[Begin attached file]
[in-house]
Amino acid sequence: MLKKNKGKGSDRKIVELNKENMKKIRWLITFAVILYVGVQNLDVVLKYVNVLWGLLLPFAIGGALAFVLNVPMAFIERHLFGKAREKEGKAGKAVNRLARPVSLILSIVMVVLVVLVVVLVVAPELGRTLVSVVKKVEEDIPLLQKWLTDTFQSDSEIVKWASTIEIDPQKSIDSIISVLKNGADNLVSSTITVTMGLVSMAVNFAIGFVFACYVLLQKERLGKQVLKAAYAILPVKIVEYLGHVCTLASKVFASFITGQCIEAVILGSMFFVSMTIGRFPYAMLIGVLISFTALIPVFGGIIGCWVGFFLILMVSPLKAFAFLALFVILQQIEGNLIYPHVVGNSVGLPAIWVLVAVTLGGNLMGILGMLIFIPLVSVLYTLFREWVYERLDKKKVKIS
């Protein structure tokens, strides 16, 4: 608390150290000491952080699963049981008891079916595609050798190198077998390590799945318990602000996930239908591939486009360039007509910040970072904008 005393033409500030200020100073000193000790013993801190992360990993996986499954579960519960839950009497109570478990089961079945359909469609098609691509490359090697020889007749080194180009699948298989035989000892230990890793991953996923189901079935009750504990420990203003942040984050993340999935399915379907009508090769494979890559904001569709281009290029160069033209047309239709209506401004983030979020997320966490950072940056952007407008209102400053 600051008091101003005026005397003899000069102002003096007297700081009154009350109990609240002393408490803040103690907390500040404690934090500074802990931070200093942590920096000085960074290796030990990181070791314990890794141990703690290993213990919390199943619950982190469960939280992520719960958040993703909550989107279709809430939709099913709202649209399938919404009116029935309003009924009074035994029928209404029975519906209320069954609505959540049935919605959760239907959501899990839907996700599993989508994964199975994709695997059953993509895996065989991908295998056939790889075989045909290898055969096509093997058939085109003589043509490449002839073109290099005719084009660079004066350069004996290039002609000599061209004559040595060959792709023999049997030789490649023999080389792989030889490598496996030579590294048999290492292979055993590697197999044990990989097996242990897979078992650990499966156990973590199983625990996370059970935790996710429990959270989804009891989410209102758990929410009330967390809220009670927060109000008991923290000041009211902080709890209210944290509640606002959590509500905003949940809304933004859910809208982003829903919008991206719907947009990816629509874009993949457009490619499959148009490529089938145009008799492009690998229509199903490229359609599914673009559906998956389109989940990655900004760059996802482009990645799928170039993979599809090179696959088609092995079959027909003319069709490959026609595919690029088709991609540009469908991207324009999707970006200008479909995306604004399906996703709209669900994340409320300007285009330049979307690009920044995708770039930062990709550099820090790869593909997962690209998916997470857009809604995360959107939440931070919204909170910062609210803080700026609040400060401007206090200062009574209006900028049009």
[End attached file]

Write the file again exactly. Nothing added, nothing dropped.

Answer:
[in-house]
Amino acid sequence: MLKKNKGKGSDRKIVELNKENMKKIRWLITFAVILYVGVQNLDVVLKYVNVLWGLLLPFAIGGALAFVLNVPMAFIERHLFGKAREKEGKAGKAVNRLARPVSLILSIVMVVLVVLVVVLVVAPELGRTLVSVVKKVEEDIPLLQKWLTDTFQSDSEIVKWASTIEIDPQKSIDSIISVLKNGADNLVSSTITVTMGLVSMAVNFAIGFVFACYVLLQKERLGKQVLKAAYAILPVKIVEYLGHVCTLASKVFASFITGQCIEAVILGSMFFVSMTIGRFPYAMLIGVLISFTALIPVFGGIIGCWVGFFLILMVSPLKAFAFLALFVILQQIEGNLIYPHVVGNSVGLPAIWVLVAVTLGGNLMGILGMLIFIPLVSVLYTLFREWVYERLDKKKVKIS
């Protein structure tokens, strides 16, 4: 608390150290000491952080699963049981008891079916595609050798190198077998390590799945318990602000996930239908591939486009360039007509910040970072904008 005393033409500030200020100073000193000790013993801190992360990993996986499954579960519960839950009497109570478990089961079945359909469609098609691509490359090697020889007749080194180009699948298989035989000892230990890793991953996923189901079935009750504990420990203003942040984050993340999935399915379907009508090769494979890559904001569709281009290029160069033209047309239709209506401004983030979020997320966490950072940056952007407008209102400053 600051008091101003005026005397003899000069102002003096007297700081009154009350109990609240002393408490803040103690907390500040404690934090500074802990931070200093942590920096000085960074290796030990990181070791314990890794141990703690290993213990919390199943619950982190469960939280992520719960958040993703909550989107279709809430939709099913709202649209399938919404009116029935309003009924009074035994029928209404029975519906209320069954609505959540049935919605959760239907959501899990839907996700599993989508994964199975994709695997059953993509895996065989991908295998056939790889075989045909290898055969096509093997058939085109003589043509490449002839073109290099005719084009660079004066350069004996290039002609000599061209004559040595060959792709023999049997030789490649023999080389792989030889490598496996030579590294048999290492292979055993590697197999044990990989097996242990897979078992650990499966156990973590199983625990996370059970935790996710429990959270989804009891989410209102758990929410009330967390809220009670927060109000008991923290000041009211902080709890209210944290509640606002959590509500905003949940809304933004859910809208982003829903919008991206719907947009990816629509874009993949457009490619499959148009490529089938145009008799492009690998229509199903490229359609599914673009559906998956389109989940990655900004760059996802482009990645799928170039993979599809090179696959088609092995079959027909003319069709490959026609595919690029088709991609540009469908991207324009999707970006200008479909995306604004399906996703709209669900994340409320300007285009330049979307690009920044995708770039930062990709550099820090790869593909997962690209998916997470857009809604995360959107939440931070919204909170910062609210803080700026609040400060401007206090200062009574209006900028049009």